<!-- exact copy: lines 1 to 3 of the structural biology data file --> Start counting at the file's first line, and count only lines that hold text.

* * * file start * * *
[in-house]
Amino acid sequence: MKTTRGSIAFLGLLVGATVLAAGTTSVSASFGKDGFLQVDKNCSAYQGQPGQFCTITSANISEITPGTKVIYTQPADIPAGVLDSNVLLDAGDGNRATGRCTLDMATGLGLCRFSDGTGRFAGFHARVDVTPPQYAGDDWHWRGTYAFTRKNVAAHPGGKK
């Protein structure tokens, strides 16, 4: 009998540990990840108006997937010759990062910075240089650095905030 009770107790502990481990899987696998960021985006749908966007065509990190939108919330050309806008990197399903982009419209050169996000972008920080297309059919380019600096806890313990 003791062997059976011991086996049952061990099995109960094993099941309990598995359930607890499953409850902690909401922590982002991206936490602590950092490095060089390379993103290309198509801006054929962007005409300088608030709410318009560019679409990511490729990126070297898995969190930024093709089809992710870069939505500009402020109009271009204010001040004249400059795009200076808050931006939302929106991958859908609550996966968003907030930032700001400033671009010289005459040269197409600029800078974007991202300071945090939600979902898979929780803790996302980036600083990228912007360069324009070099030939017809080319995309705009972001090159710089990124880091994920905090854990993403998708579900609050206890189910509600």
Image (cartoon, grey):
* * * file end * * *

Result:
[in-house]
Amino acid sequence: MKTTRGSIAFLGLLVGATVLAAGTTSVSASFGKDGFLQVDKNCSAYQGQPGQFCTITSANISEITPGTKVIYTQPADIPAGVLDSNVLLDAGDGNRATGRCTLDMATGLGLCRFSDGTGRFAGFHARVDVTPPQYAGDDWHWRGTYAFTRKNVAAHPGGKK
């Protein structure tokens, strides 16, 4: 009998540990990840108006997937010759990062910075240089650095905030 009770107790502990481990899987696998960021985006749908966007065509990190939108919330050309806008990197399903982009419209050169996000972008920080297309059919380019600096806890313990 003791062997059976011991086996049952061990099995109960094993099941309990598995359930607890499953409850902690909401922590982002991206936490602590950092490095060089390379993103290309198509801006054929962007005409300088608030709410318009560019679409990511490729990126070297898995969190930024093709089809992710870069939505500009402020109009271009204010001040004249400059795009200076808050931006939302929106991958859908609550996966968003907030930032700001400033671009010289005459040269197409600029800078974007991202300071945090939600979902898979929780803790996302980036600083990228912007360069324009070099030939017809080319995309705009972001090159710089990124880091994920905090854990993403998708579900609050206890189910509600």